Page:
A Band of Brothers
James Gourlay, about 3 months ago
Across the UK in the past year, we have seen a terrifying rise in the number of violent crimes related to gangs, with ever increasing numbers of young men either being injured or losing their lives to knife and gun crime. Simultaneously, we have witnessed suicide become the highest cause of death among young men.
The cause of these parallel issues, and their linkage, is only now being examined, and we as of yet haven't developed a society wide approach that tackles the roots causes of these issues.
A Band of Brothers have a developed a programme that aims to do exactly this.
The EXceptionals attended a recent screening of A Band of Brothers The Movie, a film about their work, which presents their exciting new vision for a community that focuses on providing a framework for older men to guide younger men into manhood.
Nathan Roberts, the Chief Executive of A Band of Brothers, sees the organisation as addressing 'a group of young men that have led lives that up until now have not been successful', with the aim of trying to 'enable these young men to feel like they are a contributing part of a society that welcomes and includes them'.
For A Band of Brothers the solution involves looking back at aspects of our society that may have been lost in recent generations to understand what can be done to solve the crisis that is engulfing young men.
Fascinatingly, the innovative approach they have developed is one that pulls “from the ancient, something that has worked for thousands of years" – rites of passage led by elders for younger men.
A Band of Brothers found that many of the young men who were in need of support lacked a community of men that allowed them to cleanly and creatively express their anger and give them a space within which they can be vulnerable and grieve for things in their lives they have lost. This is exactly what Band of Brother provides.
Practically this is structured around a 12 week course, in which participants, both elders and youngers, work together to 'enable them through looking at their past to start envisaging a future that looks very different'.
The centrepiece of this is the call to adventure through a rite of passage weekend, the Quest. On this weekend, Nathan says 'we acknowledge society's failure to find a place for them thus far, and that if you want your life to be different only you can make that happen'.
On the quest, ten of the young men find themselves supported by around 30 men from their community. Nathan again says, 'They use that weekend to really look at the narrative of their lives, the stories that they tell themselves about who they are and what's possible for them'.
A key element of the Quest is emotional catharsis work. This involves exercises that aim to help the men express their anger in a controlled way, as opposed to suppressing it. What A Band of Brothers often witnesses are men who are ashamed or afraid to express their anger. However, A Band of Brothers work to 'help them to get to know it and use it in a positive way'. Ultimately, so that it is something they control and channel, as opposed to it controlling them.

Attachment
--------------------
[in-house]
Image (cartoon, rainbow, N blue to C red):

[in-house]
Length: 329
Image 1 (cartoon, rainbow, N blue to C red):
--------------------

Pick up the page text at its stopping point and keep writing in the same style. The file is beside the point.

Simultaneously, the aim is to break down 'centuries of conditioning, conditioning that men have to have stiff upper lips that, to show vulnerability is weakness, and we are now starting to see a new narrative emerge'.
Of the important role of these elders, one member of A Band of Brothers said that it is vital that the older man is not seen to be 'the shiny finished product'. The younger man gets to see him in his vulnerability, sharing what is difficult for him. Through this a 'trust bond is formed between the older and younger man. When they share what they are struggling with, when they see the struggle the man is having and they hear it as well'.
Many of the young men expressed that whereas before they felt those trying to help them were preaching to them, with A Band of Brothers the older members sat in the same place as them and shared equally, creating an environment in which one sees that 'these people want to help you, but for once they will open up to you'. Many of the men said that this relationship provided the bridge that allowed them to reshape their lives.
At the end of the 12-week programme A Band of Brothers have a Homecoming ceremony, with the aim of welcoming the men back into the community. At this point, A Band of Brothers have tried to build within these young men a 'sense of worth, sense of purpose, someone who feels good'. Vitally, they have also now developed a community of men they can properly express themselves around through the 'courageous conversations' they've had, which means 'the relationships of trust are solid'.
A Band of Brothers now aims to extend the reach of their work by building a national Rites of Passage centre from which they can hold their courses, and are actively seeking donations to build this.
The idea is to create a nationwide community 'of older man who hold them (young men) through a rite of passage experience, much as we did thousands of years ago' and this would help to remedy many of the issues that we are seeing plaguing young men at this time.